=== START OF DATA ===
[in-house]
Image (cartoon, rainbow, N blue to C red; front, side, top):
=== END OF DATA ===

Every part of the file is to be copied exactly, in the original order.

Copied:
[in-house]
Image (cartoon, rainbow, N blue to C red; front, side, top):